With the advent of globalization and keeping it relevant, businesses around the world have broken down several barriers through digital transformation and connecting themselves to the cyber world.
As much as technology has allowed start-ups to flourish and corporations to reach wider geographies, the fact remains; every business that*s connected to the cyber world is vulnerable today. The usual modus operandi of cybercriminals is to cause financial loss, but sometimes it could also be to affect the reputation of the organization or hurt an individual mentally.
The boom in disruptive technologies such as artificial intelligence, the internet of things (IoT), machine learning, etc., in addition to the âwork from home* culture shift, has resulted in uploading and sharing of invaluable data on Cloud. This has resulted in data theft, one of the biggest menaces faced by most organizations today. The presence of viruses and bugs in data software can allow illegitimate access to cybercriminals.
For instance, a typical organization has business intelligence tools that help the leaders to make decisions based on analytics and data. This data is usually fed into the Cloud system by the top-level executives to make better conclusions. Increased reliance on the Cloud has given way for multiple entry points for breaches and hacks to the operators of the dark web. Therefore, for every organization, the safeguarding of data has become more crucial than ever.
According to the Sophos State of Ransomware Report, two-thirds (68%) of Indian organizations have been attacked by ransomware in 2021 itself. "This is despite most organizations; especially the big ones practicing cyber safety vigilance. They follow compliances and engage cyber experts, either in-house or outsourced, to follow the course of prevention, detection, and response. However, at times rogue cyber operators are pulling sophisticated violations that are wreaking havoc which is even beyond the control of various law enforcement agencies. As these agencies are still relying on traditional and outmoded techniques to crack down the culprits." says Falgun Rathod, one of India*s top ten ethical hackers, and a cyber-security expert.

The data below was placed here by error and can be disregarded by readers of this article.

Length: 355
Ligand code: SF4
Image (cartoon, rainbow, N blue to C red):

Modern cyber-crimes need a modern approach of investigation and tools to track down the offenders. Right from the local police station, to law enforcement agencies such as CID, CBI, ED, NCB, state-wise police departments, and even city-wise cyber-crime police stations must technologically advance their investigation approach.
Speaking about some of the tech-driven solutions that can avoid a slip-up or help salvage a breach before it*s too late, Rathod says, "One of the finest things that have helped law enforcement agencies is called the âdetail analytics* or âdetail recording*. With the help of probability-based Call Detail Records (CDR) tools, the investigators should now be able to identify the projection of any cybercrime. Additionally, advanced CCTV analytics can also proactively help identify a criminal."
Rathod suggests that the need of the hour is the adoption of such advanced tools and techniques which can outdo the ones used by the hackers. "The cyber-crime investigation agencies must develop tools that allow analysing the data and track records of previous culprits. Data of repeat offenders and history of their criminal background go a long way in making future predictions about the crimes that are waiting to happen."
By properly maintaining previous records and with 100% involvement of Artificial Intelligence and Machine Learning technologies in every tool engaged by the law enforcement agencies, it is possible to identify and evade future crimes.
With growing dependence on technology, the growth in cybercrime is inevitable. But with the help of an ever-evolving tech-driven investigative tools and approach, agencies can remain at par with criminals, if not a step ahead.